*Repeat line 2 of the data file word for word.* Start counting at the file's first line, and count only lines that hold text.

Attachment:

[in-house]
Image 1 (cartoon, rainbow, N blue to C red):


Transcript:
Image 1 (cartoon, rainbow, N blue to C red):